Einstein’s notes on theory of relativity sell for four times their estimate

Einstein’s notes on theory of relativity sell for four times their estimate
The document includes preparatory notes and some errors while formulating the theory of relativity

Albert Einstein’s theory of relativity documents have been sold for a record €11.6m (£9.7m) at an auction in Paris on Tuesday.

The 54-page document was handwritten between 1913 and 1914 in Zurich, Switzerland, by Einstein and his colleague Michele Besso, reported The Guardian.

The documents contain preparatory calculations and notes that the scientist made while formulating his signature achievement, the theory of relativity.

The notes are written in black pen and include some errors in calculations that the scientist made on the way to formulating his seminal work. Once he noticed the errors, he dropped the notes, which were picked up by Besso and preserved for posterity.

Einstein, one of the greatest theoretical physicists, eventually published his theory of relativity in 1915, which transformed understanding of time, space and gravity.

The sale comes months after a letter written by Einstein containing the theory’s most famous equation, E=mc², sold for more than $1.2m (£897,000) in May.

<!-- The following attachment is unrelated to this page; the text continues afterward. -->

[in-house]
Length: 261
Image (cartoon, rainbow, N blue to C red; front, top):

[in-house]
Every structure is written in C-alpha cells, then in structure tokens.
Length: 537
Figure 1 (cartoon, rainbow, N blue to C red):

Tuesday’s sale also surpassed previous records of his documents, including the $2.8m (£2m) for the so-called “God letter” in 2018, and $1.56m (£1.16m) in 2017 for a letter about the secret to happiness.

While the buyer of his notes on Tuesday was unknown, Christie’s auction house, which handled the sale on behalf of the Aguttes auction house, said the notes were “without a doubt the most valuable Einstein manuscript ever to come to auction.”

Prior to the auction, Christie’s had estimated that it would fetch between €2m (£1.6m) and €3m (£2.5m).

The auction house thanked Besso for preserving the documents and said that the sale had attracted collectors from across the world, reported BBC.

“Einstein is someone who kept very few notes, so the mere fact the manuscript survived and made its way to us already makes it extraordinary,” Vincent Belloy, an expert at the auction house.

Christie’s said that the papers offer “a fascinating plunge into the mind of the 20th century’s greatest scientist.”

“Being one of only two working manuscripts documenting the genesis of the theory of general relativity that we know about, it is an extraordinary witness to Einstein’s work,” the auction house added.

Einstein died at the age of 76 in 1955 and is also remembered for his contributions to quantum mechanics theory. He won the Nobel Prize in 1921.

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